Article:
The Cliffe at Dinham
“Modern cooking in reinvented Victorian mansion” - AA Inspector
- Social distancing and safety measures in place
- Follows government and industry guidelines for COVID-19
- Signed up to the AA COVID Confident Charter
Disposable gloves and either masks of face screens will be worn by all staff and will be available for guests if requested. All other measures are shown in the attached documents
Our Inspector's view
A handsome red-brick Victorian mansion beside the River Teme with views across to Ludlow Castle, The Cliffe has morphed into a stylish restaurant with rooms with a breezily modern approach to its interior decor. Sporting sage-green walls, bare floorboards and unclothed tables, the restaurant is a suitably contemporary spot for the kitchen’s modern bistro dishes.
Awards, accolades and Welcome Schemes
Facilities – at a glance
- Seats: 60
- Private dining available
- On-site parking available
- Wheelchair accessible
- Assist dogs welcome
- Lunch served from: 12
- Lunch served until: 2.30
- Dinner served from: 6.30
- Dinner served until: 9
- Wines under £30: 29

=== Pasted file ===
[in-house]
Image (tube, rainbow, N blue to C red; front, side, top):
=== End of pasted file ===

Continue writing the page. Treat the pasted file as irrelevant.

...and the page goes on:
- Wines over £30:
- Wines by the glass: 11
- Cuisine style: Modern British
Also in the area
About the area
Perhaps nowhere else in England will you find a county so deeply rural and with so much variety as Shropshire. Choose a clear day, climb to the top of The Wrekin, and look down on that ‘land of lost content’ so wistfully evoked by A E Housman. Peer through your binoculars and trace the course of Britain’s longest river as the Severn sweeps through the county, from the Breidden Hills to Wyre Forest, slicing Shropshire in two. To the north is a patchwork of dairy fields, hedgerows, copses and crops, broken at intervals by rugged sandstone ridges such as Grinshill or Nesscliffe, and dissected by a complex network of canals.
Spilling over the border into neighbouring Cheshire and North Wales is the unique meres and mosses country, with serenely smooth lakes glinting silver, interspersed with russet-tinged expanses of alder-fringed peat bog, where only the cry of the curlew disturbs the silence. South of the Severn lies the Shropshire Hills AONB. It’s only when you walk Wenlock Edge that you fully discover what a magical place it is – glorious woods and unexpectedly steep slopes plunge to innumerable secret valleys, meadows, streams and farmhouses, all tucked away, invisible from the outside world.
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